# Evaluate $\int \frac{1}{3+4\tan x} \, dx$

I'm am trying to evaluate $$\int \frac{1}{3+4\tan x} \, dx.$$

I tried to use the universal trig substitution, that is

$$t = \tan{x \over 2}, \quad \tan x = {2t \over 1-t^2}, \quad dx = {2 \over t^2 + 1}dt$$

and after manipulation I got the integral to be

$$\int \frac{2(1 - t^2)}{-3t^4 + 8t^3 + 8t +3} \, dt.$$

Is there a more clever approach to this problem or do I have to continue and face partial fractions?

• Try $t = \tan(x)$ instead. Jun 16, 2016 at 23:17
• At least the denominator factors so that you can do the partial fractions. This is in fact a general property of $$\int \frac{dx}{a+b\tan x}$$ which comes out to be $$\frac{ax + b\log(a\cos x + b \sin x)}{a^2+b^2}$$. Jun 16, 2016 at 23:43

Hint:

Let

\begin{equation} I=\int\frac{1}{a+b\tan x}\ dx=\int\frac{\cos x}{a\cos x+b\sin x}\ dx \end{equation}

and

\begin{equation} J=\int\frac{\sin x}{a\cos x+b\sin x}\ dx \end{equation}

then

\begin{equation} aI+bJ=x+C_1\tag1 \end{equation}

and

\begin{equation} bI-aJ=\log(a\cos x+b\sin x)+C_2\tag2 \end{equation}

Setting $a=3$ and $b=4$, then it's easy to determine $I$ by linear combinations $(1)$ and $(2)$.

Note that $$\frac{1}{3 + 4 \tan x} = \frac{\cos x}{3 \cos x + 4 \sin x} = f(x).$$

Next, observe that $$\log (3 \cos x + 4 \sin x) + C = \int \frac{4 \cos x - 3 \sin x}{3 \cos x + 4 \sin x} \, dx = \int g(x) \, dx,$$ via the obvious substitution $u = 3 \cos x + 4 \sin x$. Now the goal is to find a linear combination of the integrands $f$ and $g$ such that for some real-valued scalar constants $A$, $B$, $$A f(x) + B g(x) = 1.$$ Well, this is simple: we have $$A \cos x + B(4 \cos x - 3 \sin x) = 3 \cos x + 4 \sin x,$$ and collecting like terms, we obtain $$A + 4B = 3, \quad -3B = 4,$$ or $$A = \frac{25}{3}, \quad B = -\frac{4}{3}.$$ Therefore, $$x = \int 1 \, dx = \int A f(x) + B g(x) \, dx = A \int f(x) \, dx + B \int g(x) \, dx,$$ or $$\int f(x) \, dx = \frac{3}{25} \left( x + \frac{4}{3} \log (3 \cos x + 4 \sin x) \right) + C,$$ and the rest is trivial.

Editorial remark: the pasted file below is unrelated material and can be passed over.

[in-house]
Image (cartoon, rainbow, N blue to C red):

For sure, as shown in comments and answers, the tangent half-angle substitution is not the easiest way for this problem. However, computing $$I=\int \frac{2(1 - t^2)}{-3t^4 + 8t^3 + 8t +3} \, dt$$ is doable noticing that the roots of the denominator are $-\frac 13$, $i$,$-i$ and $3$. Using it, by partial fraction decomposition, we can arrive to $$\frac{2(1 - t^2)}{-3t^4 + 8t^3 + 8t +3}=-\frac{2 (4 t-3)}{25 \left(t^2+1\right)}+\frac{4}{25 (t-3)}+\frac{12}{25 (3 t+1)}$$ and get $$I=\frac{6}{25} \tan ^{-1}(t)-\frac{4}{25} \log \left(t^2+1\right)+\frac{4}{25} \log (t-3)+\frac{4}{25} \log (75 t+25)$$ and simplifying $$I=\frac{2}{25} \left(3 \tan ^{-1}(t)+2\log \left(\frac{25 (t-3) (3 t+1)}{t^2+1}\right)\right)$$

It is probably easier to use the substitution $x=\arctan(t)$ then find a partial fraction decomposition for $$g(t) = \frac{1}{(3+4t)(1+t^2)}.$$ By computing the residue at the simple poles $t\in\left\{-\frac{3}{4},i,-i\right\}$ it follows that: $$g(t) = \frac{4}{25}\cdot\frac{1}{x+\frac{3}{4}}+\frac{1}{25}\cdot\frac{3-4t}{1+t^2}$$ and:

$$\int g(t)\,dt = C + \frac{1}{25}\left[4\log\left(t+\frac{3}{4}\right)+3\arctan(t)-2\log(1+t^2)\right].$$

• Should $x+\frac{3}{4}$ be replaced by $t+\frac{3}{4}$? Jun 17, 2016 at 22:38
• @user84413: sure, it was a typo, now fixed. Thanks. Jun 17, 2016 at 22:43